Ofsted tenders for independent adjudication service

New contract co-incides with fall out from damning High Court ruling about Ofsted's complaints procedures

Martin George

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The independent adjudication service that reviews complaints against Ofsted, is being put out to tender.

The new contract to provide the service will start on 1 January 2018, and is due to end three years later.

A Department for Education description of the tender, valued at £100,000, says the service will be independent of both Ofsted and the Department for Education.

It comes with the watchdog's complaints procedure in the news, just weeks after a High Court judge quashed an Ofsted report that would have put Durand Academy, an embattled school in south London, into special measures.

In his ruling, Mr Justice McKenna described a key aspect of the inspectorate’s complaints procedure as “not a rational or fair process”.

His concerns centred on the inspectorate’s guidance about making a formal complaint, which says that if the complaint is about the school being judged to have serious weakness or to require special measures, the judgement would not be reconsidered “because all such judgements are subject to extended quality assurance procedures”.

Mr Justice McKenna wrote: "The absence of any ability effectively to challenge the report renders the complaints procedures unfair and in my judgment vitiates the report."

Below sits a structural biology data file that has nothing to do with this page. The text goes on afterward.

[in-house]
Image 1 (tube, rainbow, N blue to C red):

Following the ruling, Ofsted said it would “consider whether any clarification of our complaints procedure may be required”.

In its description of the latest contract for the service, the DfE wrote: “The successful supplier shall be required to review Ofsted's handling of individual complaints where the complainant remains dissatisfied after Ofsted's internal complaints process has been exhausted and offer written impartial findings and recommendations to complainants and the chief inspector.”

The High Court ruling led to speculation that others schools could challenge their special measures judgements, and that it could be a barrier to the legal requirement, introduced last year, that all schools judged ‘inadequate’ by Ofsted must become academies.

An Ofsted spokesperson said: "This is a routine retendering by the DfE for providing Ofsted's existing independent adjudication process. This process has existed since 2009.

"The current contract is coming to an end. As a result and in line with government contracts that are due to expire, a tender exercise has been advertised."

A Department for Education spokesperson said: “ICASO has been in place since 2009 and its contract is renewed on a regular basis. The Department commenced a tendering exercise as the current contract is due to end."

 

 

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Martin George

Martin George

Martin George is a reporter at Tes

Find me on Twitter @geomr

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